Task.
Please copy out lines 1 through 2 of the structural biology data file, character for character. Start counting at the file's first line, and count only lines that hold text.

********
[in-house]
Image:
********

[in-house]
Image: